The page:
Salvadorans Seek a Voice to Match Their Numbers
Thursday, September 24, 2009
For nearly three decades Salvadoran immigrants have been among the nation's most organized newcomers, founding clubs to raise money for schools back home, establishing medical clinics for new arrivals and battling in Congress and courts to gain legal status for tens of thousands of political dissidents who fled persecution by the U.S.-backed government during El Salvador's civil war in the 1980s.
Yet, even as Salvadoran immigrants and Americans of Salvadoran descent have grown to number 1.6 million -- essentially tying them with Cubans as the nation's third largest Latino group -- they have mostly shied from direct participation in U.S. politics.
About 150 of the community's most prominent leaders from across the country gathered in Washington to change that Wednesday.
"This conference is about stepping it up to another level of visibility, performance and power," said Maryland Del. Ana Sol Gutierrez (D-Montgomery), a co-organizer of the First Salvadoran American Leadership Summit.
"When we first came to the United States, it was just about survival, so that's what our organizations focused on," Salvadoran-born Gutierrez said. "Now we have a community that has evolved, but I think we're kind of stuck in that service model. . . . We have to either create new political institutions, or we have to expand those current organizations so they also play a political role."
Conference participants plan to lobby more than 80 members of Congress on Thursday in support of efforts to offer illegal immigrants a path to citizenship. Wednesday's meeting included strategy sessions on how to influence the immigration debate and ensuring that Salvadoran Americans are fully counted in the 2010 Census.
But participants stressed that the larger purpose was simply to overcome their geographic dispersal, personality differences and longstanding ideological divisions stemming from El Salvador's civil war to convene as a group for the first time.
"We're not here to look for unity, because unity is a romantic dream that is hard to reach," said Salvador Sanabria of Salvadorans in the World, one of the four largest organizations. "We're here to come to this round table without hierarchy to find a consensus about the actions we can take to help our community."
Among the clearest points of agreement was that Salvadoran Americans should insist that any legalization plan adopted by Congress allow about 200,000 Salvadoran illegal immigrants who were granted temporary legal status in the wake of a 2001 earthquake to be the first in line to become permanent legal residents.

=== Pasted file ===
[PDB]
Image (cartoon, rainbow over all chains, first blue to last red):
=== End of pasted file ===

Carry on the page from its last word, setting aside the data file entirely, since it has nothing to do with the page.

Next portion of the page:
Indeed, several participants pointed to the unusual interests of those Salvadorans as an example of why they need to organize as a separate, national Salvadoran American movement.
"We have a separate identity even as we're part of the larger Latino community," said Jose Artiga of the SHARE foundation, which promotes development in El Salvador.
For all the event's optimism, there are some daunting obstacles to transforming the numerical strength of Salvadoran Americans into political clout. According to an analysis of Census data by the Pew Hispanic Center, 47 percent of U.S. residents of Salvadoran descent are not citizens. And 26 percent more are citizens but are still children, leaving only 27 percent who are currently eligible to vote. And it was perhaps telling that much of the discussion at the conference was in Spanish.
Still, many took heart in the political success of Salvadoran Americans in the Washington region. While far more Salvadorans live in California, their influence there is often overshadowed by that state's much larger Mexican American population.
By contrast, its 134,000 Salvadoran immigrants comprise the Washington region's largest foreign-born group. The figure is greater if their U.S.-born children are included.
That might explain why the nation's four highest Salvadoran American elected officials are from Washington. In addition to Gutierrez, they are Arlington County Board Chairman J. Walter Tejada (D), the summit's other co-organizer; Maryland Del. Victor R. Ramirez (D-Prince George's); and Prince George's County Council member William A. Campos (D-Hyattsville), who were also in attendance.